When was the last time you did anything really physically challenging?

For some people pushing their bodies to see what they can achieve is quite a regular thing. For most of us, it’s not. And I most definitely fall into that category. When I was younger I did Ten Tors (a 45 mile walk over ten of the tors on Dartmoor) I tackled some pretty gruelling treks when I lived in Nepal and I’ve done a couple of reasonably long bike rides. But until recently I had never really completed any kind of swimming challenge. When I was younger I was in a swimming club and trained regularly, so I am not too bad at swimming.  But I have been rather lazy as an adult and until discovering open water swimming I thought I’d fallen out of love with it. Clearly not quite……

Sometime back at the start of 2018 my lovely friend Claire Stone of Claire Stone Nutrition signed up to do the River Dart 10K, and somehow, because it seemed like a good idea at the time I decided that I was going to do it too! For the uninitiated, the River Dart 10K is a 10 kilometre swim down the River Dart, starting in Totnes and ending in Dittisham. You have to wear a wetsuit which was a whole new thing for me and need to not mind that you can’t see the bottom. We both swam it for a charity called Level Water that provides swimming lessons for disabled children so we got to feel good about what we were doing one way or another.

And last month, in 2 hours 59 minutes and 52 seconds I did it! I swam the River Dart 10K as did Claire and fellow Bristol businesswoman Mel Bound, and about 1300 other people. I was very happy to get my mug of hot chocolate afterwards.

River Dart 10K success

It was an unbelievable experience, one I thought I might just be able to get through, but not one I thought I’d particularly enjoy. It was a whole mix of adrenaline, fear, trepidation, bloody mindedness and actually when it came down to it, great camaraderie that made it so brilliant. But while I felt elated afterwards (and rather wobbly), it was the actual being in the water that I loved, it was the swimming with 500 odd other people that I loved, it was embracing the whole craziness of what I was doing that just made it totally incredible. I imagined that I would put my head down, push myself to get from one milestone to another and grit my teeth. Of course I was so pleased and relieved that I had managed it, rather euphoric in fact but a little sad that it was all over. It was the opposite to what I thought it would be, it was all about embracing the moment and really concentrating on my whole self, welcoming the intensity of the time and place and engaging with being. It wasn’t simply about finishing.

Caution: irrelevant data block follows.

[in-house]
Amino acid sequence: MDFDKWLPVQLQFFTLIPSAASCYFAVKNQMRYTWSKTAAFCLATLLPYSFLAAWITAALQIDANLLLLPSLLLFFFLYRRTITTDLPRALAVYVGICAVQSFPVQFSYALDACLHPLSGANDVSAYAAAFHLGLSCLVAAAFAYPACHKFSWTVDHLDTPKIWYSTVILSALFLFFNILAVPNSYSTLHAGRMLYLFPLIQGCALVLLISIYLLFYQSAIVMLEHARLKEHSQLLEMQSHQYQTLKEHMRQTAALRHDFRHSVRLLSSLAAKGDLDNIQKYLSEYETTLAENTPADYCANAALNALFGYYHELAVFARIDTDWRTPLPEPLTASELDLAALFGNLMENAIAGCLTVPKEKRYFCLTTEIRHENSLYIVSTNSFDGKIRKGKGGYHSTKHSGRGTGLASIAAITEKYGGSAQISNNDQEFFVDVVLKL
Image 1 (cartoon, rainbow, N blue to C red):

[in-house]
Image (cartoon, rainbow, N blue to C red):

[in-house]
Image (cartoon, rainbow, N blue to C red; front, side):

And it reminded me of the process that I often go through when I facilitate a workshop.

You agree your goals, create your process and do all the work to create as good a workshop as you can possible develop. Just like swimming training in a way there’s some kind of special challenge in hitting upon a good process, in finding the right tools and having those lightbulb moments when you can see how they knit together. You set everything up in the best way you can, then your participants show up and you start to facilitate. You work through that process that you have lovingly created and you really throw yourself in. It’s quite an immersive process. If you are not really fully in the moment when you are facilitating then you run the risk of missing something, or not listening properly, or getting distracted. You run the risk of thinking about things outside the workshop and your flow might get disrupted. Or maybe even worse not seeing when things aren’t going quite as you’d though they’d go where you need to think quickly on your feet to provide a different direction. If you are not fully in the zone, then it’s quite hard to be truly present to deliver the group facilitation in the way that it is needed. It’s all part of feeling your way through the workshop, being connected and engaged with it as a facilitator and it’s quite all encompassing.